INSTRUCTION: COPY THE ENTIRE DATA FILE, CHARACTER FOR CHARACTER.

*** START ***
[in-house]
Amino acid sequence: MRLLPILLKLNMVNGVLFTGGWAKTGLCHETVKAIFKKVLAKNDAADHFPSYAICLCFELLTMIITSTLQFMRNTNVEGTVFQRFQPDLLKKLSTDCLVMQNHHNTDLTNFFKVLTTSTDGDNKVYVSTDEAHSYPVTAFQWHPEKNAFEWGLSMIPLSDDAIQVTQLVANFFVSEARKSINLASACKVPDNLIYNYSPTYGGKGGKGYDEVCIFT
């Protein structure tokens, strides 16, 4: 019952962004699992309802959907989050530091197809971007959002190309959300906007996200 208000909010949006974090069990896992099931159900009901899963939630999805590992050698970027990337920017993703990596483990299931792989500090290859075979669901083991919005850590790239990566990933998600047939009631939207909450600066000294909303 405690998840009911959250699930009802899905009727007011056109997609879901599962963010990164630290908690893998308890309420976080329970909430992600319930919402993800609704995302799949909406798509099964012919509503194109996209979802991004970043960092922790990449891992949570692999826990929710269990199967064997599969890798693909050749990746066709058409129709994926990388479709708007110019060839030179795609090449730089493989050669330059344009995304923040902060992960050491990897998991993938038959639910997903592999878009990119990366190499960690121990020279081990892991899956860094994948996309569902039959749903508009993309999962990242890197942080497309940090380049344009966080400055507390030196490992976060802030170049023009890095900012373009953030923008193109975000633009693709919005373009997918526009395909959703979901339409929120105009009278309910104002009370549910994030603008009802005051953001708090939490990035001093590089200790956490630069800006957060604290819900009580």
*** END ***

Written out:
[in-house]
Amino acid sequence: MRLLPILLKLNMVNGVLFTGGWAKTGLCHETVKAIFKKVLAKNDAADHFPSYAICLCFELLTMIITSTLQFMRNTNVEGTVFQRFQPDLLKKLSTDCLVMQNHHNTDLTNFFKVLTTSTDGDNKVYVSTDEAHSYPVTAFQWHPEKNAFEWGLSMIPLSDDAIQVTQLVANFFVSEARKSINLASACKVPDNLIYNYSPTYGGKGGKGYDEVCIFT
């Protein structure tokens, strides 16, 4: 019952962004699992309802959907989050530091197809971007959002190309959300906007996200 208000909010949006974090069990896992099931159900009901899963939630999805590992050698970027990337920017993703990596483990299931792989500090290859075979669901083991919005850590790239990566990933998600047939009631939207909450600066000294909303 405690998840009911959250699930009802899905009727007011056109997609879901599962963010990164630290908690893998308890309420976080329970909430992600319930919402993800609704995302799949909406798509099964012919509503194109996209979802991004970043960092922790990449891992949570692999826990929710269990199967064997599969890798693909050749990746066709058409129709994926990388479709708007110019060839030179795609090449730089493989050669330059344009995304923040902060992960050491990897998991993938038959639910997903592999878009990119990366190499960690121990020279081990892991899956860094994948996309569902039959749903508009993309999962990242890197942080497309940090380049344009966080400055507390030196490992976060802030170049023009890095900012373009953030923008193109975000633009693709919005373009997918526009395909959703979901339409929120105009009278309910104002009370549910994030603008009802005051953001708090939490990035001093590089200790956490630069800006957060604290819900009580």